April 30, 2019

Implications of M.T. v. R.A., 2014 BCSC 795

Summary trial can resolve some relocation cases

Recent BCSC case has ramifications on some relocation cases.

A recent case in BC Supreme Court has established that it may be possible to resolve some relocation cases relatively quickly and inexpensively by way of summary trial.

In the case of M.T. v. R.A., 2014 BCSC 795, the parties were jointly parenting a 7-year-old girl under a written agreement that had been in effect for approximately five years. One of the terms of the agreement was that subject to further agreement or court order the parties would live within the boundaries of "Vancouver West". The mother had remarried and she and her new husband had a three-year-old son. The evidence indicated that the child of the parties was doing well and had a good relationship with her half brother and her parents.

the approach to be taken under the new Family Law Act is to move toward resolution of family disputes in a "just, speedy and inexpensive" manner whenever possible

The mother applied to the court for permission to move to Victoria with the child. The father opposed the move. The mother applied for an assessment and report to be done by a psychologist and also sought an order that the case be placed on the trial list. The father opposed the report, saying it was unnecessary and intrusive. He also opposed placement of the matter on the trial list, saying that the matter was suitable for summary determination under the new Family Law Act.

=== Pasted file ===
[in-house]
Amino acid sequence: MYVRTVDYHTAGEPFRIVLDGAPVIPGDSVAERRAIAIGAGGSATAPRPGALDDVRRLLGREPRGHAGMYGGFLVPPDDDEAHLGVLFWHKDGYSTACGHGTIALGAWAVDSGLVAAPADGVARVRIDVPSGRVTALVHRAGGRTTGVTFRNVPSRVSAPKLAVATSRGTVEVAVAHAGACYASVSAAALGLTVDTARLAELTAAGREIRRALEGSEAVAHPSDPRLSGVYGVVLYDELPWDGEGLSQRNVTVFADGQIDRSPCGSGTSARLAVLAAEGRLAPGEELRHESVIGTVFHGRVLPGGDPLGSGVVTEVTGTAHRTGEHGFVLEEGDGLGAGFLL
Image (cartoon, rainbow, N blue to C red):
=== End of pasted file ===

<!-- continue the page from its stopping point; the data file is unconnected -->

After hearing the mother's application, Mr. Justice Saunders seized himself of the matter and ordered that a psychological assessment and report should be done. However he refused to place the case on the trial list. He stated that in his view the provisions of the new Family Law Act are intended to provide for summary determination of relocation issues in cases where there had been a prior agreement or court order regarding parenting arrangements, although the court must retain discretion to order a trial where that appeared to be necessary. He concluded that, unless the assessment and report of the psychologist indicated that the case required a trial, he would hear and decide the matter in a summary fashion after the report was released.

This case, which appears to indicate that a speedy and inexpensive method may be available for resolution of relocation cases in some situations, appears to confirm that the approach to be taken under the new Family Law Act is to move toward resolution of family disputes in a "just, speedy and inexpensive" manner whenever possible.


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